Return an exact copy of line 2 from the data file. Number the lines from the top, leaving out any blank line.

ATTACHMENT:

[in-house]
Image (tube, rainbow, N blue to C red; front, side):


Image (tube, rainbow, N blue to C red; front, side):